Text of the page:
Sunday, August 14, 2016

Hygiene for the outer ear

Small children and infants are often aware of their ears when they get a head cold and end up with an earache.

Many air travellers become aware of their ears as the aeroplanes gain altitude, or descend from cruising altitude when the cabin air-pressure changes and eardrums begin to "pop".

But most of us go through life never thinking about our ears until we begin to lose our hearing!

From the diagram above there are two main areas of the hearing apparatus (classically we talk about three, but who's going to be picky) The two areas are:

  • From the Pinna where many people hook their glasses onto, to as far as the ear drum.
  • From the Ear drum to the inner end of the Eustacian Tube which open into the back of the nose.

Today I'm just concerned about the hygiene of the outer part of the ear from the ear drum out. For some reason, people like to stick things in their ears, most notorious of all are cotton buds. Many's the GP and ENT specialist who's had to retrieve the end of the bud when it comes unstuck with the external ear canal. Hair grips are another villain of the peace. These metal instruments can end up scratching the lining of the canal and allowing bacteria to get to places where they shouldn't get.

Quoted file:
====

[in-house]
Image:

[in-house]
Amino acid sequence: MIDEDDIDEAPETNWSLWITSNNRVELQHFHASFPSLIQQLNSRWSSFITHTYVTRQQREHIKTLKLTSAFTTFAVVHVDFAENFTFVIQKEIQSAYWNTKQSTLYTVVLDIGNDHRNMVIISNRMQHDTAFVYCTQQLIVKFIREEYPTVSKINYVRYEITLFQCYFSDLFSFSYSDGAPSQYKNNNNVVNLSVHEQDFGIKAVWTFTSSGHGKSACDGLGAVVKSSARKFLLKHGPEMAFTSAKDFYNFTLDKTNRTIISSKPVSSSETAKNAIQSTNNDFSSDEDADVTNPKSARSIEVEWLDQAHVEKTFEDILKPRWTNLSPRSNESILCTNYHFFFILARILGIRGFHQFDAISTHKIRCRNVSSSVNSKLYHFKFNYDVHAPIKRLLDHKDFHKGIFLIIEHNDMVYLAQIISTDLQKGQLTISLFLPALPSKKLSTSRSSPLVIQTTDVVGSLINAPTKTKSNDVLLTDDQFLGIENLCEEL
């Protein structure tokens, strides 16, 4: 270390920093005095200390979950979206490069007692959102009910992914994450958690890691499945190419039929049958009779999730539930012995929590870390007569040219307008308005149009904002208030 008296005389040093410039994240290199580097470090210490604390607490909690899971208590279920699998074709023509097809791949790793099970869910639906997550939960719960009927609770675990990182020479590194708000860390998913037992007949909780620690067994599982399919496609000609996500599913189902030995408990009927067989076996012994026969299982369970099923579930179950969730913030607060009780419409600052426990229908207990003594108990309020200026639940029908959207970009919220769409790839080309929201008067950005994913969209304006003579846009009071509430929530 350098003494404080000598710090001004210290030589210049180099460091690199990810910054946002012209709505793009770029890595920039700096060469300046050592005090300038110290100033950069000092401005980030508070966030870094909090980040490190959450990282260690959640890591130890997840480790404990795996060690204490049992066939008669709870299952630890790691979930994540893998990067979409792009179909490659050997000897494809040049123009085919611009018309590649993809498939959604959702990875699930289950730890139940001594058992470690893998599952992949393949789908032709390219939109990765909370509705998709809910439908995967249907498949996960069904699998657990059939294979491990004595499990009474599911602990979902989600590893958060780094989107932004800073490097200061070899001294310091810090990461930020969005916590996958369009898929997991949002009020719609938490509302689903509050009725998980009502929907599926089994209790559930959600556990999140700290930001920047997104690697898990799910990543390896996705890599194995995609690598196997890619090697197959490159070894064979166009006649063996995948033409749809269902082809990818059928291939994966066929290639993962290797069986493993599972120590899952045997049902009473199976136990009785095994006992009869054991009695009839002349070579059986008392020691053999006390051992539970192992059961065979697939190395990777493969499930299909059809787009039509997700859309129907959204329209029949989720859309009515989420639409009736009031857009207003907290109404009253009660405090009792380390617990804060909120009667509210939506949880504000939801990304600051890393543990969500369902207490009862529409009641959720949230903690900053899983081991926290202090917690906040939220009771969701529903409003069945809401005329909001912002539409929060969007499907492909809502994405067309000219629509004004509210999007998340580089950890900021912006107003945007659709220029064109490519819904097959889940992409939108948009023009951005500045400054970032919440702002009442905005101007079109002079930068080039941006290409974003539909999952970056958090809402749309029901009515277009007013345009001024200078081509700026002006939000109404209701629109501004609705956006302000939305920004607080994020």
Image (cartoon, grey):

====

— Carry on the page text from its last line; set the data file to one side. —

Why do people stick things in their external canals? Mainly to relieve an itch they find difficult to scratch. Many of such people also have dandruff of other eczema like conditions. For those people I suggest a trip to the local pharmacy to buy a mild Cortisone based cream. By wiping some of this with a finger tip into the external canal you can relieve the itch/scratch cycle and then there's no need for anything else. If itching persists then visit your Doc to get some appropriate ear drops.

Another reason people use cotton buds is to dry their ears! For these patients I recommend using a Tissue Spear to gently dry the external canal. These can easily be made by twisting the corner of a piece of tissue or toilet paper and making it into  a pears shape. That can then safely, and gently, be pushed into the canal and help dry the contents. If you want a bit of extra "oomph" then use a hair dryer (on low power) held about half a meter away from your ear. (Make sure it's not on HOT as that can prove to be extremely uncomfortable).

But prevention is better than cure so if you don't want to get water in your ear when showering etc, then use a plug of Blue-Tack - it's works like a dream!
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1 comment:

Jenny Woolf said...

Thanks for the blu tac tip, never thought of that! :)